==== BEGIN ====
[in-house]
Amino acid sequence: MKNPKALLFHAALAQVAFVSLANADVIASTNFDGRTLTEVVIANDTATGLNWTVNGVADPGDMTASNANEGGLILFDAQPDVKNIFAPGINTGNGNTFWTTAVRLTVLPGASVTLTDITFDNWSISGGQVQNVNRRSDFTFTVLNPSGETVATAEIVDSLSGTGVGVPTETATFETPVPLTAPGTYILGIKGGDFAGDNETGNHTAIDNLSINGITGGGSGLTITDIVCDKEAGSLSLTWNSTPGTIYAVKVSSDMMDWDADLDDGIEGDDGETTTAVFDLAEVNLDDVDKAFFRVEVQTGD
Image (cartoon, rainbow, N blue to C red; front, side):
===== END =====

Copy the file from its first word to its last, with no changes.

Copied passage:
[in-house]
Amino acid sequence: MKNPKALLFHAALAQVAFVSLANADVIASTNFDGRTLTEVVIANDTATGLNWTVNGVADPGDMTASNANEGGLILFDAQPDVKNIFAPGINTGNGNTFWTTAVRLTVLPGASVTLTDITFDNWSISGGQVQNVNRRSDFTFTVLNPSGETVATAEIVDSLSGTGVGVPTETATFETPVPLTAPGTYILGIKGGDFAGDNETGNHTAIDNLSINGITGGGSGLTITDIVCDKEAGSLSLTWNSTPGTIYAVKVSSDMMDWDADLDDGIEGDDGETTTAVFDLAEVNLDDVDKAFFRVEVQTGD
Image (cartoon, rainbow, N blue to C red; front, side):